Of course, it can't be just any old preschool  ~ we want to find the right sense of home away from home.  We want it to be an amazing experience for him, opening up the world in ways that we can't do just by ourselves as parents:  playing with other children, touching soft and prickly things, hearing sounds that we don't make at home, looking at books and shapes and toys we would never think to offer him.  Shauna of Gluten-Free Girl recently posted a beautiful entry about children's play at preschool.  It really resonated with me. Play, compassion, joy ~ all so important. vital.

      What an adventure it will be!  I bristle with excitement for him. 

      But at the same time, I shudder with concern over his food allergies.  What if he's nowhere near us and suddenly has a major reaction to something left out, or given to him accidentally? What if the staff are not as diligent as we are?  What if a well-meaning kid doesn't understand he can't share his cheese stick with our son?  What if he needs an epi-pen administered to him ~ do we trust the school to know what to do, and trust their judgement in doing so?  

      So often it seems to come down to the see-saw of safety vs. playfulness. I ache to imagine that we have to permanently shield him from the world. But then again, we don’t let him play in traffic. We teach him to look both ways and prepare him for the time when we can't cross the street with him.  It's called parenting.  Yet, he's still so little. 

      We’ve been deciding between a wonderful warm school that is play-based and child-centered vs. a school that is nice, but mainly considered good preparation for kindergarten. A no-brainer it seems… until we consider his food allergies: soy, gluten, dairy and nuts.

      The warm, inviting place has a wide open snack area with pretzels, milk, muffins, fruit, cheese and crackers ~ all great, but not for him. And when we asked the director about accommodating allergies, we were met with a vague “well, when we have those, we just ask the parents not to bring peanuts into the school.” A subsequent conversation with them resulted in the same level of vague willingness to help out.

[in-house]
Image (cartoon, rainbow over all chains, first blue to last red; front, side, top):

The other school has a fantastic attitude toward re-framing allergies in non-disparaging ways… calling one child’s rice milk “Sophies special milk” for example and ensuring safe eating practices.  But it's a competitive school to get into (I heard tell that one child was accepted after their parents providing nine letters of recommendation!)  We are currently on the waiting list for next Fall. 

      So what to do?

      Stepping out into the world
      Well, I should be honest that this blog post sat in the hopper for a while.  I was so conflicted about the balance between the safety issues vs. the learning experience that I couldn't finish this post for a couple months.   However, after additional conversations about dietary restrictions with the director of the "warm, inviting place" ... and the thrilling developments that our son is now able to eat wheat ... and dairy if it's baked (!!!), we decided to go with our gut on the best educational experience we could help him have.  Heavy sigh of relief.  

      The happy epilogue to this process came when we got a chance to take him to the school for an hour while it was in session.  He was more than excited, choosing several play areas in succession.  One in particular that he loved was the music table.  He not only jumped right in, but the other children welcomed him by sharing their instruments ... and letting him get in on a parade they were having all through the classroom!  Watching his little legs fly to catch up - and the sheer joy on his face - was the best confirmation for me that we'd done the right thing!

      This could have gone so differently.  If anyone out there would like to share their experience, I'd love to hear it!  How did you choose your child's school, and how much did their food allergies play into the decision making process?

      Thursday, March 22, 2012

      A week of wheat.

      Lack of focus due to misted up mommy eyes
      "Could it be?"

      I've been saying this all week.  Is it possible?  Is he OK? 
      Yes, he is. 

      Several months ago, we went through a painstaking process trying to introduce milk to our son, which seemed so promising at first: one spoonful of yogurt a day for a week with no reaction, but when we gave him a little bowl of it, he erupted into a red-eyed sneezing fit that went on for a half hour until the ceterizine kicked in. So now, we're a little gun shy.

      But based on some promising blood work, the allergist is encouraging us to try wheat, then soy, re-try milk in baked goods after that, and then do skin testing for nuts later.